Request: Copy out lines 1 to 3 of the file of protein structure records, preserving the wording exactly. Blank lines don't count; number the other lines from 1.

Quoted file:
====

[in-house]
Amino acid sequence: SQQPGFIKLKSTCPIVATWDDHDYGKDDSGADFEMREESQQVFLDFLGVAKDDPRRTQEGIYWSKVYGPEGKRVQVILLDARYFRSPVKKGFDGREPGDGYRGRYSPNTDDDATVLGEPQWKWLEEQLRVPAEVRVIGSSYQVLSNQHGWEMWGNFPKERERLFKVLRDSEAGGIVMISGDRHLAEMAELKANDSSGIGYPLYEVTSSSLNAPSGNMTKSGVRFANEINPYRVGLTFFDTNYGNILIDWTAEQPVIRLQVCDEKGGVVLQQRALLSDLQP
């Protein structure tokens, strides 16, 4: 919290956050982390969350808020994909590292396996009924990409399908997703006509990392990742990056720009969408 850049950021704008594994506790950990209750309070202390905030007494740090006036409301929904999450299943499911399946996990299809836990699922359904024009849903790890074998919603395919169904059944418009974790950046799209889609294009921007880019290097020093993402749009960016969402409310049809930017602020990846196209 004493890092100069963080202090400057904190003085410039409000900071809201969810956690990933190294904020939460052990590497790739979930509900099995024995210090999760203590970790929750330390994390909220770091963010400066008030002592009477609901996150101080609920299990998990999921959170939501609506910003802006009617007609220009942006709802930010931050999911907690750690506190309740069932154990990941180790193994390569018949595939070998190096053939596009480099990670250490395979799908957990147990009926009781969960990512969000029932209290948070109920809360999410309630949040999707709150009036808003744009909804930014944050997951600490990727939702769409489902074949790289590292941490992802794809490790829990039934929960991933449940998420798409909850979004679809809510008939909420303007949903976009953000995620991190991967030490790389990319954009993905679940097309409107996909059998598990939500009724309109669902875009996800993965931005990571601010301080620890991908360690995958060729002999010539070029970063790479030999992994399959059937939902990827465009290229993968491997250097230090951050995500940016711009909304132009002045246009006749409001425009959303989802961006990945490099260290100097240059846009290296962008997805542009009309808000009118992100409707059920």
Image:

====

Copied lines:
[in-house]
Amino acid sequence: SQQPGFIKLKSTCPIVATWDDHDYGKDDSGADFEMREESQQVFLDFLGVAKDDPRRTQEGIYWSKVYGPEGKRVQVILLDARYFRSPVKKGFDGREPGDGYRGRYSPNTDDDATVLGEPQWKWLEEQLRVPAEVRVIGSSYQVLSNQHGWEMWGNFPKERERLFKVLRDSEAGGIVMISGDRHLAEMAELKANDSSGIGYPLYEVTSSSLNAPSGNMTKSGVRFANEINPYRVGLTFFDTNYGNILIDWTAEQPVIRLQVCDEKGGVVLQQRALLSDLQP
């Protein structure tokens, strides 16, 4: 919290956050982390969350808020994909590292396996009924990409399908997703006509990392990742990056720009969408 850049950021704008594994506790950990209750309070202390905030007494740090006036409301929904999450299943499911399946996990299809836990699922359904024009849903790890074998919603395919169904059944418009974790950046799209889609294009921007880019290097020093993402749009960016969402409310049809930017602020990846196209 004493890092100069963080202090400057904190003085410039409000900071809201969810956690990933190294904020939460052990590497790739979930509900099995024995210090999760203590970790929750330390994390909220770091963010400066008030002592009477609901996150101080609920299990998990999921959170939501609506910003802006009617007609220009942006709802930010931050999911907690750690506190309740069932154990990941180790193994390569018949595939070998190096053939596009480099990670250490395979799908957990147990009926009781969960990512969000029932209290948070109920809360999410309630949040999707709150009036808003744009909804930014944050997951600490990727939702769409489902074949790289590292941490992802794809490790829990039934929960991933449940998420798409909850979004679809809510008939909420303007949903976009953000995620991190991967030490790389990319954009993905679940097309409107996909059998598990939500009724309109669902875009996800993965931005990571601010301080620890991908360690995958060729002999010539070029970063790479030999992994399959059937939902990827465009290229993968491997250097230090951050995500940016711009909304132009002045246009006749409001425009959303989802961006990945490099260290100097240059846009290296962008997805542009009309808000009118992100409707059920």